• Environmental significance – Climate change.

Irritants:

  • Maldives growing “closeness” with China
  • Turbulent Maldivian politics
  • GMR issue
  • Proposals for Maldives to lease an island in perpetuity to China and Maldives being an enthusiastic partner of China in the Maritime Silk Road disregarding India’s reservations.

Relations between India and Maldives have therefore been rather uneasy since 2012 and Maldives is the only South Asian country which has not been visited by Indian Prime Minister.

Assessment of present status of relationship

In his recent visit, President of Maldives Abdul Gayoom declared that Maldives has an ‘India First’ foreign policy and said that Maldives would always take care of India’s security concerns. He reiterated continued Indian participation in the Uthuru Thila Falhu project to create berthing and dockyard facilities for Coast Guard. He also invited India to participate in the ambitious “IHavan Integrated Development Project” which is planned as a major trans-shipment and logistics hub, mainly with Chinese investment.

The brief visit by AYAG should therefore be seen as an initiative by Maldives to repair its relations with India.

Maldives needs to be made aware of India’s Red Lines vis-à-vis both China and religious fundamentalism. Maldives needs to realize that it should avoid provoking India and fully appreciate and accommodate the security and strategic interests of its giant immediate neighbour.

India, on its part, needs to reassure Maldives that while as a principle we support democracy and a liberal polity, we would not take sides in the internal political struggle in that country. India also supported Maldives to prevent punitive action from Commonwealth Ministerial Conference.

In the final analysis, safety, security and stability in the region is of paramount importance and it can best be ensured by the countries of the region themselves. In this context, the MOU on Action plan for Defence Cooperation signed during the Presidential visit is significant.

Best answer: abhishekrwt597

The island of Maldives holds the following importance for India:

1)It falls within its India’s zone of regional projection(help in quelling a coup and during water crisis) and strategic interests.(net security provider)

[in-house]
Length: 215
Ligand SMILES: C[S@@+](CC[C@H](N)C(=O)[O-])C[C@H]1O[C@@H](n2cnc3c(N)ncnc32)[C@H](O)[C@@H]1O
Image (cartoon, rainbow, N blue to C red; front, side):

2) Is vital from the India’s point of naval security(specially with China’s string of Pearls)

3) As a successful example of India’s advocacy for democracy.

4)Recent recruits from Maldives have joined AQ and IS in large numbers, this is of concern to India.

5) Large no of Indian nationals work in maldives, recent rise in intolerance and weakening of democratic institutions in Maldives a concern.

There have been several irritants in the Indian maldives relations:

1)India accused of interference in Maldives internal affairs, specially the formers support to Former Prez Nasheed.

2)The new Maldives Govt pro chinese tilt, seen in the cancellation of the contract for its international airport(Hulhule)

3)New laws in Maldives that allow it to lease land to foreign nations (with $1 BILLION or more), specially those specialising in dredging operations(Again China)

4) India’s silence on Maldives criticism by CHOGM,and its decision to leave the grouping been a thorn in the relation.

The present relation can be characterised as one of cautious optimism as:

1)The Current dispensation has sought to correct the public perception of Pro-chinese tilt(Public statements of neutrality,etc).

2)India has chosen to keep mum over recent incidents in Maldives, respecting its sovereignity and to prevent China’s growing clout(attack on Prez, Money laundering allegations,etc).

3)Despite calls from former Prez Nasheed for India’s intervention, India hasnt tried to actively destabilize the regime.

From the time when the current Indian PM decided to skip a visit to the Maldives, the relationship can be stated to be on the mend. It is imperative for India that Maldives, being located in its immediate neighbourhood remains a satisfied and steadfast ally